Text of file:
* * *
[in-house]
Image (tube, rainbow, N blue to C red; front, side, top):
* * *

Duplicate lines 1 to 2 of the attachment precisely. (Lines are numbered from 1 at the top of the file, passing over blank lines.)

[in-house]
Image (tube, rainbow, N blue to C red; front, side, top):